Open ‘Poem’ Bowl, 2009

Prior to any manifestation, awareness remains motionless and alone, knowing only its own eternal, infinite being.  Awareness does not know itself as an object in the way the mind seems to know objects, and thus awareness’s knowing of its own eternal, infinite being is said to be ‘empty’ or ‘void’.

However, that is only true from the point of view of the mind, which believes objects to be real things in their own right, made out of stuff called ‘matter’.  From such a point of view awareness is empty, void, not-a-thing or nothing.  From its own point of view – which is the only real point of view, and is itself not a ‘point’ of view – awareness is not nothing, nor is it something.  ‘Nothing’ and ‘something’ both belong to mind, for both derive their meaning from the assumption of independently existing ‘things’.

The finite mind can only know a limited object – something with limited, objective qualities, such as a thought, feeling, sensation or perception – even though it is itself made out of unlimited awareness.  The mind cannot even think of awareness, for awareness has no objective qualities and the mind can only think of something objective.  If the mind tries to think of awareness, it will either imagine a blank, empty object or state or, faced with the impossibility of the task, come to an end.

In fact, the mind doesn’t come to an end, for the mind is not an entity in its own right that begins and ends.  When it is said that the mind comes to an end, it is meant that awareness ceases vibrating within itself and returns to its original, objectless, ‘motionless’ condition.  All that comes to an end when the mind supposedly comes to an end is the activity of awareness, which awareness itself freely assumes in order to take the form of the finite mind and, as such, appear to itself as the world.

We cannot even legitimately say that awareness ‘returns’ to its original condition, any more than we can say that the screen returns to its original condition when the movie ends.  Awareness is always in its original condition.  It is only from the point of view of the finite mind – the activity that awareness assumes in order to manifest its infinite potential in the form of objective experience – that awareness seems to cease being in its original condition and to become an object, other or world.  From its own point of view, it never becomes anything other than itself or ceases to be itself alone.

In relation to the materialist belief that the body and world are made out of something solid, material and ‘full’, it is legitimate to say that awareness is not material, that it is ‘empty’ of the solid substance out of which objects are supposedly made.  However, that statement starts with the idea of matter and works its way up to awareness, instead of starting with awareness and staying with awareness alone.  Awareness is the only legitimate place to start, because awareness is the primary and, in fact, the only element present in experience.

In reality, awareness is neither full nor empty.  The idea that awareness is empty is a thorn that is used to remove another thorn: the idea that it is a by-product and shares the limits and destiny of matter.  Awareness is beyond or prior to both fullness and emptiness, and cannot be conceptualised by the mind.  We are, however, using language that has been designed to describe dualistic experience – that is, the apparent subject-object relationship in which an inside self made of mind supposedly knows an outside object, other or world made of matter – and so we have to make a concession and use such language as skilfully as possible to point towards an experience that ultimately cannot be described.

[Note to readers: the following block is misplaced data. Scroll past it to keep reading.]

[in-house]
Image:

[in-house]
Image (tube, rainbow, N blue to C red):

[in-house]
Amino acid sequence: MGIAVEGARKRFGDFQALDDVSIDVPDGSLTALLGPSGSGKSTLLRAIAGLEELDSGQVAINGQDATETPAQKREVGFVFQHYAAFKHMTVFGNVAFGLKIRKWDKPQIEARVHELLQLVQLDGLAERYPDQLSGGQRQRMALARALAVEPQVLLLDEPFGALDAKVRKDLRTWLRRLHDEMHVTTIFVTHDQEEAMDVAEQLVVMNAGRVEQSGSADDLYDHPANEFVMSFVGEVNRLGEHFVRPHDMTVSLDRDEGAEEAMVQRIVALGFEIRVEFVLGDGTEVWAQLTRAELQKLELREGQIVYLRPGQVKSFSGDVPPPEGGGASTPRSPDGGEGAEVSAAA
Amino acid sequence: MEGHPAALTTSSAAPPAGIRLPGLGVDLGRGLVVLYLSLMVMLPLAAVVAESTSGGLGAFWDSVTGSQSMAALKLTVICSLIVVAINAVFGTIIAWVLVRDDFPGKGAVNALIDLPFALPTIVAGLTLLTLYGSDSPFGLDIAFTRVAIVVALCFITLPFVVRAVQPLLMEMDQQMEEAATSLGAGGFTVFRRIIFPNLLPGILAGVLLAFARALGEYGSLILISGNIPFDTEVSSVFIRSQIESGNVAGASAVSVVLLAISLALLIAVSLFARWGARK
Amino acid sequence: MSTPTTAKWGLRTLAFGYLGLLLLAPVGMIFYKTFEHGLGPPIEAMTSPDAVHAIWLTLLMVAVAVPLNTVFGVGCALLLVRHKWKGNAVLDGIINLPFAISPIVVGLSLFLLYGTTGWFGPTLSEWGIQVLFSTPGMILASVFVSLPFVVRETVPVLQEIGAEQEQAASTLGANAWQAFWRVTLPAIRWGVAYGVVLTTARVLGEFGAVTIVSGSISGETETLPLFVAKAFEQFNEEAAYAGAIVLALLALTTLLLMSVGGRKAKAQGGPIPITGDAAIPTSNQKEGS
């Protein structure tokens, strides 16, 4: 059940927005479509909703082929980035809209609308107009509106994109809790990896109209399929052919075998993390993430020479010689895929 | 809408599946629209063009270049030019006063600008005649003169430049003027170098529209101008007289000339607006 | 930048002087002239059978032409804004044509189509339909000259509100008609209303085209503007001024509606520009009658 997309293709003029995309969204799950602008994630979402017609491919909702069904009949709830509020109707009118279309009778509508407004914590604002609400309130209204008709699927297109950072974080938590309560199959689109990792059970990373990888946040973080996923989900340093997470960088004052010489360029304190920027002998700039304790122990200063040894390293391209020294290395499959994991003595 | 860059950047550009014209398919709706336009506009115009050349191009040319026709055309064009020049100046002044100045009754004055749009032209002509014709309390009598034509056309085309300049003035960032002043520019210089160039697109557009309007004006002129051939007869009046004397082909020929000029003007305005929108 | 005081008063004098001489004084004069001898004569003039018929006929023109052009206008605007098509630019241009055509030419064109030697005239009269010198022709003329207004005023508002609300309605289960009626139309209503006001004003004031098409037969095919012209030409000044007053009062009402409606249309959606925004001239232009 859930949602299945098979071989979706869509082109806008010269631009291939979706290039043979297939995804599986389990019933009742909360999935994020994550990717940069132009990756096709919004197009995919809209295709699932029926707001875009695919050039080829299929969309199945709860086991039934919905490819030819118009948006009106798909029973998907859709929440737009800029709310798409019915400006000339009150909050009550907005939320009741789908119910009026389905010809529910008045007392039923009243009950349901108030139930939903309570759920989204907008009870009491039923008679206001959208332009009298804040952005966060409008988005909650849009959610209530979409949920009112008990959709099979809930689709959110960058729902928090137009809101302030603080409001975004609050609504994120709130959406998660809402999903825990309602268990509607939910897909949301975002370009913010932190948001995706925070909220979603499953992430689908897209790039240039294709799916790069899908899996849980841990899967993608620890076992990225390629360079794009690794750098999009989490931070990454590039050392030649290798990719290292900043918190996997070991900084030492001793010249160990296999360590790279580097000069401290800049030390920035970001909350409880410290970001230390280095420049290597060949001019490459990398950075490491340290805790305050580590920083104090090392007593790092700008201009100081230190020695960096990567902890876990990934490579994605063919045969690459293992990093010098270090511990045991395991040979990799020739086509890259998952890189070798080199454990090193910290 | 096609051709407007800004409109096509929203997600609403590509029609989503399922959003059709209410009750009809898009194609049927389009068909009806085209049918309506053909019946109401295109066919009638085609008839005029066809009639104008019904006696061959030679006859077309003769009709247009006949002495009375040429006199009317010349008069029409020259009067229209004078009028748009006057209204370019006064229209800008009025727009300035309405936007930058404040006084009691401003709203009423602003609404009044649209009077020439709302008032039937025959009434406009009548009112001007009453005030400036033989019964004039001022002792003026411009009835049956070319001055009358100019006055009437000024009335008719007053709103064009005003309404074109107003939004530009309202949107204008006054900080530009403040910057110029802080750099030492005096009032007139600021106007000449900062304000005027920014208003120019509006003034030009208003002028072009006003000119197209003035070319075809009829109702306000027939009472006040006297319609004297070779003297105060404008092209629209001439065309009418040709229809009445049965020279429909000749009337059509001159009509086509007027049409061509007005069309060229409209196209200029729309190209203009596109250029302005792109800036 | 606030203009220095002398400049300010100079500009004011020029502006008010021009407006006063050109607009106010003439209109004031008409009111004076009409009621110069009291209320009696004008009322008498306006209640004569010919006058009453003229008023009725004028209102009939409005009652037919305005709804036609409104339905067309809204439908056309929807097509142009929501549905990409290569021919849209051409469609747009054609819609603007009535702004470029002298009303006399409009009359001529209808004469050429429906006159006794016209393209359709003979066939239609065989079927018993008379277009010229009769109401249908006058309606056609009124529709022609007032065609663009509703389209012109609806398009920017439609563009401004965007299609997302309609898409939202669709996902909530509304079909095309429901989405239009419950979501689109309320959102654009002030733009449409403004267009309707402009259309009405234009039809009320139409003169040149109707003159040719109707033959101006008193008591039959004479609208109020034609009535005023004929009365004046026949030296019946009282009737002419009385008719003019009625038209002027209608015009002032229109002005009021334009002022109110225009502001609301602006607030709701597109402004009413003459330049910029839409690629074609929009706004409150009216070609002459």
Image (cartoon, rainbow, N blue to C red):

The irony is that the mind that tries to describe reality is presently creating the very duality from which it is simultaneously trying to emerge.  The mind can never find, let alone describe, the reality that it seeks, for it is itself the very activity that seems to divide that reality into a multiplicity and diversity of objects and selves, each with its own name and form that can be described in language.

One might then question the legitimacy of a book such as this, or indeed any attempt to approach and describe the reality of experience, and from an absolute point of view such an objection is reasonable.  In fact, all the skilful means prescribed by the religious and spiritual traditions are compassionate concessions to the mind that seeks its own reality, whether that search is felt as the desire for knowledge and understanding, the longing for peace, happiness or love, or devotion to God’s infinite being.

The mind that explores these matters is like a moth that seeks a flame.  The moth is attracted by the light of the flame, just as the mind is attracted by the gravitational pull of its source and essence.  However, as the moth approaches, the flame becomes hotter and hotter and the moth begins to dance around it, at once attracted and repulsed by the heat, in which it intuits it will simultaneously die and discover its heart’s desire.

Such is the play of love and resistance with which the separate self seeks and resists its true nature, intuiting that everything for which it truly longs is to be found there and knowing at the same time that in order to experience it, it must die into it.  As the Sufi mystic and poet Rumi said, ‘In the existence of your love, I become non-existent.’

Likewise is the value of all spiritual discourse and practice that draws the mind inexorably inwards towards its source and reality, until at some point the mind loses its limitations and stands revealed as the very reality for which it was in search.

Rupert Spira, The Nature of Consciousness: Essays on the Unity of Mind and Matter.

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